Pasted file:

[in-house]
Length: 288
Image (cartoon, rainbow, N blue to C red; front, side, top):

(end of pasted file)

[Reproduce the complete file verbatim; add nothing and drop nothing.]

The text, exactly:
[in-house]
Length: 288
Image (cartoon, rainbow, N blue to C red; front, side, top):